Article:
If left only in the hands of U.S. Attorney General Jeff Sessions, the United States would probably see the marching in of the war on drugs 2.0, one that would embrace the propaganda largely responsible for driving marijuana into the underground in the first place, while borrowing backward philosophies from the nation’s former leaders in an attempt to create the illusion that telling kids to “Just Say No” will put and end to drug problems.
Over the past few months, Sessions has hinted at the coming of a federal crackdown against the legal marijuana industry because he believes legal pot is contributing to a surge of violent activity as well as introducing more people to the dangerous world of opioid abuse.
However, according to Department of Homeland Security Secretary John F. Kelly, the new administration has no interest in waging a war against weed – at least not along the borders.
In a recent interview with NBC’s “Meet the Press,” Kelly told host Chuck Todd that when it comes to fighting the War on Drugs, marijuana was no longer of any concern.
“Yeah, marijuana is not a factor in the drug war,” Kelly said.
“It’s three things,” he later added. “Methamphetamine. Almost all produced in Mexico. Heroin. Virtually all produced in Mexico. And cocaine that comes up from further south.”
Kelly then went on to explain that the three drugs, in conjunction with opioids, were responsible for claiming the lives of over 50,000 people in 2015, a problem that cost the nation $250 billion. But he failed to mention the almost 570,000 deaths associated with the use of alcohol and tobacco.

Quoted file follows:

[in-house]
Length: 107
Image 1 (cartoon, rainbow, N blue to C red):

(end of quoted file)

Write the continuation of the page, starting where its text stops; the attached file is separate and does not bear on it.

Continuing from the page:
The White House maintains that marijuana prohibition is “in the interest of public health and safety.”
Despite the words pouring out of Kelly’s mouth on Sunday, there is still a possibility that Sessions could eventually lean on federal law when it comes to dealing with the legal cannabis industry. It was just last week that the Attorney General fired off a letter to a legion of prosecutors and Justice Department heads announcing the formation of a task force that would reevaluate existing policies, including those pertaining to marijuana.
But whatever Sessions plans to do about legal weed, Kelly doesn’t think it should involve bringing the hammer down on people who use drugs.
“The solution is not arresting a lot of users,” he said.
“The solution,” he continued, “is a comprehensive drug demand reduction program in the United States that involves every man and woman of goodwill. And then rehabilitation. And then law enforcement. And then getting at the poppy fields and the coca fields in the south.
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